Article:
Aussie Parramatta franchisee Ross Le Quesne says some of his clients have started to feel the weight of APRA’s investor lending crackdown.
Mr Le Quesne told The Adviser that since the regulator announced a 10 per cent investor cap, which saw lenders up their rates and initiate a string of policy changes, clients with larger portfolios have been impacted.
“It effects the people who have bigger portfolios. Generally my clients buy cheaper properties in an area of probably between $200,000-$350,000 purchase prices where they’re getting good rental yields,” he said.
“In the previous lending criteria they were able to grow a portfolio fairly quickly because they had the borrowing capacity to do that.”
However, since the new changes have come in, Mr Le Quesne has seen his clients becoming increasingly restricted in their ability to continue growing their multi-million dollar investment portfolios.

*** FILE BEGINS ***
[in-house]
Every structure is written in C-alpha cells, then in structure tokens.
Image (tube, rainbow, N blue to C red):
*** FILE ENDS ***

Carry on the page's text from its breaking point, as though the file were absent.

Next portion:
Aussie’s top loan writer explained that for a client with a $3 million portfolio, changes to loan serviceability mean they would now have to fork out thousands of dollars more to continue investing.
“Rather than a lender assessing the client at $45,000 on a million dollars, they’re now assessing them on about $86,000 or $90,000,” Mr Le Quesne said.
“Over a $3 million portfolio, that means that client has to earn an additional $120,000 income.
“People just aren’t getting $120,000 pay rises, so those people are definitely going to find it harder to continue to grow their portfolio in this current market.”
James Mitchell has over eight years’ experience as a financial reporter and is the editor of Wealth and Wellness at Momentum Media.
He has a sound pedigree to cover the business of mortgages and the converging financial services sector having reported for leading finance titles InvestorDaily, InvestorWeekly, Accountants Daily, ifa, Mortgage Business, Residential Property Manager, Real Estate Business, SMSF Adviser, Smart Property Investment, and The Adviser.
He has also been published in The Daily Telegraph and contributed online to FST Media and Mergermarket, part of the Financial Times Group.
James holds a BA (Hons) in English Literature and an MA in Journalism.
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